Age related changes to our breathing may be measurable in decreasing peaks of airflow, a weakening of the respiratory muscles, and a decline of the potency of lung defence mechanisms. Though this doesn't necessarily translate into recognizable symptoms, it may have an effect of a person's ability to do vigorous exercise. Thankfully there's a lot we can do to counteract such issues and by improving our health in that matter we might gain the means for a better breathing among other benefits.

When we sing we require a higher rate of breath energy and an elongated breath cycle in comparison to speaking. Especially when we sing intensely, our body compensates the demand for oxygen by inhaling more quickly and deeply, and by exhaling more slowly and steadily.

^ How can we train breathing?

To train breathing means to train the control and coordination of the muscles supporting the work of the diaphragm and the function of the larynx. Contracting the abdominal muscles during the diaphragm's relaxation process gives performers a means of controlling their sound and phonation. In literature this is referred to as "support" or "breath support". The idea is to extend the capability of breath management and to elongate the breathing cycle, while gaining a better tone production and the ability to sing extended phrases and to sustain notes for longer.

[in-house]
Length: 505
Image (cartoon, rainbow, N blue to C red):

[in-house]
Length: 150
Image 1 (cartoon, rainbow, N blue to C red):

Breath management is defined by the ability to control the amount and pace of air that flows through the vocal folds, and by the ability to keep the stream of air as steady as possible to create a steady singing tone. It includes the ability to reduce the stream of air to a bare minimum in order to gain more efficiency.

Achieving breath support is done through influence of the abdominal muscles, and can be reached by either using additional muscle force during the act of exhalation when sound is produced, or by relieving the muscle force during the act of inhalation to lesson air pressure allowing more time during exhalation.

This sounds terrible complex at first, but lets take this apart a bit further:

When we utilize our muscles of the abdominal wall to create a force that counteracts with the process of the relaxation of the diaphragm, we create an increased air pressure in the lungs that either lead to an airy and breathy tone or is responsible for the glottis pressing the vocal folds more firmly together resulting in a delayed start of the sound. With this technique you will achieve a louder voice, but you will not be able to hold that additional volume for very long.

If you choose to relieve the tension of the abdominal muscles during inhalation, you will end up with less air pressure in the lungs to begin with, which in turn makes it possible to slow down the exhalation process to the extend that you can sing longer. The technique also supports long-term vocal health and will result in a more rich and steady sound, because the air pressure pushing towards the vocal folds is more appropriate.

^ Appoggio

The latter method is also known as Appoggio and popular with the international classical singing community as an integral component of the "Italian School" of singing, which includes resonance factors in form of phonation alongside breath management. Appoggio strongly depends on body posture and the interplay of the different muscles used for singing.